The recommended sweeping/servicing frequency for closed appliances burning wood is up to four times annually and if burning smokeless fuels twice annually as a minimum. Strange as it may seem you can actually have more build up in the chimney from fewer fires. The reason for this is that each time the fire is lit the flue is cold, which will cause the gasses to cool more quickly in the flue and increase the deposits on the liner. When a chimney has warmed over a few days use and is used regularly the chimney never fully cools down so the gasses exit quicker reducing build up in the liner. I have seen cases where a stove has only been used 10 times over the winter but has more build up in it than a stove that’s had 100 fires. Also it is not advisable to leave deposits in stainless steel liners as soot is very acidic and starts to disintegrate the steel quite quickly. This can greatly reduce the useful life of the liner resulting in expensive repairs.
I would never advise leaving a stove for a year even if it has had little use, it is surprising how quickly things can build up!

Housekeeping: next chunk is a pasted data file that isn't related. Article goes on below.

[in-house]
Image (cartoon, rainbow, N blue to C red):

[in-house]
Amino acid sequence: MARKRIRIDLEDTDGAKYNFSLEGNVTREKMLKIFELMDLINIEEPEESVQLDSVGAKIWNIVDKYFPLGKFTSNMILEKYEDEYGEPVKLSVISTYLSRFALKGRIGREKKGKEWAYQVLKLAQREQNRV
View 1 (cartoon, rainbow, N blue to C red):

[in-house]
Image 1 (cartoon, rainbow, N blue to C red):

Here is a short video that is worth a watch to demonstrate what can
I hope that’s helpful!
Iain explains why it is important to have your Aga, Rayburn (or similar) Flue regularly swept. Although there may be very little soot, sometimes none at all, a lot of fluff/dust/pet hair etc. gets drawn into the flue and collects around the edges of the flue and liner. If left unchecked this can significantly reduce the draw and therefore the performance of the appliance. Also it is worth noting that your Gas or Oil service engineer will usually only check for draw with a smoke match and not inspect or sweep the flue. The flue may pass the test but failure could still be imminent. This means that investigation of the flue will only happen once the problem is so bad that the chimney/flue has stopped working effectively.
The Master Sweep
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